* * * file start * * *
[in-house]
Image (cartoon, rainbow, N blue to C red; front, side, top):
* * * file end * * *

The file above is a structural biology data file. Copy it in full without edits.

[in-house]
Image (cartoon, rainbow, N blue to C red; front, side, top):